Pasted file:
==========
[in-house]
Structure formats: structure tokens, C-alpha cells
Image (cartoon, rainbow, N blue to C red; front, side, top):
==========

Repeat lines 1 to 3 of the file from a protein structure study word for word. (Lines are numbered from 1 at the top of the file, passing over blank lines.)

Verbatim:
[in-house]
Structure formats: structure tokens, C-alpha cells
Image (cartoon, rainbow, N blue to C red; front, side, top):